3D Printed Camera Drone: A New Attempt

Broken drone

What you see here is the first attempt to develop a camera drone from the 3D printer. I want to revisit the project and solve the problems of the prototype step by step.

Admittedly: the design is at least "plain" - but that wasn't my ambition either. The first version was a prototype quickly clicked together in Fusion 360, primarily to produce anything flyable at all. My focus here was primarily on the engineering, and I wanted to get a sense of where the challenges were in this project.

Goals of the project

  • Develop a cheap camera drone to print yourself
  • Gain experience in using Fusion 360

Overview:

  1. Flying the first prototype and what I learned from it
  2. Ruling out the motor mount as a source of failure
  3. New arm made from carbon tube
  4. Where do we go from here?
  5. Features of the drone
  6. The next steps

Flying the first prototype and what I learned from it

It didn't go too badly at all. The drone took off reliably and had fairly docile flight characteristics. It had power, was fast and agile. There were just a few small things to adjust in the trim.

Even the days after the maiden flight, I kept testing it successfully. I even had the chance to equip the drone with a GPS receiver. The idea: a "Return to Home" function (RTH) that triggers automatically in case of failure and reliably brings the drone back to the starting point and initiates a landing maneuver.

But the successes didn't last long: the test week ended in a bit of a disaster. I had just integrated a rudimentary "Return to Home" function, which I could activate manually via a switch on the remote control and gave the drone the signal to return to the starting point. But it didn't come to a test: The drone took off, climbed to about 10 meters and then suddenly initiated a somersault and crashed - you can see the result in the photo above..

What happened? I have several theories:

  1. Failure of a motor
  2. Deformation of the motor arm so that it braked the motor by grinding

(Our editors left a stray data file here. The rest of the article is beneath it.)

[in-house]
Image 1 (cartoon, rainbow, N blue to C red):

3. No adequate cooling of the ESCs

I think the second theory in particular is very likely. I have already noticed in the days before that the mounting screws of the motor have loosened due to deformations at the bottom of the arm. The motor gets very warm during operation and the arm printed from PLA doesn't seem to be able to withstand that heat. To make matters worse, the arm's closed design causes it to trap heat. It is possible that the deformations caused the motor to rub against the inside of the arm, causing it to suddenly slow down.

Ruling out the motor mount as a source of failure

Generally, I am no longer happy with the design of the arm. The original idea for this came from a drone project on Thingiverse. There too, a hexagonal shaped arm is used with an enclosed motor mount. The arm is inserted into a recess in the drone body, also hexagonal in shape, and secured with a screw.

3D PRINTED DRONE ARM

The problems with this design:

  • Due to inaccuracies in 3D printing and a slight bridging above the hexagonal shape, the arm does not fit perfectly into the drone body
  • No optimal flow of air¬†around the arm
  • Due to the closed design, no optimal cooling of the motor

The fact that a hexagonal shape is used here is already a compromise. For aerodynamic reasons, one would ideally have to print a round arm, but this is technically problematic with a 3D printer: A 3D printer applies the material in layers. So to achieve maximum stability, you have to print the arm lengthwise so a layer is laid from the side of the drone body to the motor mount. However, you can't print a perfect curve this way, because on the one hand you don't have a wide contact area of the arm on the print bed, and on the other hand there are overhangs due to the curve. The printer must therefore print the layers partially "in the air".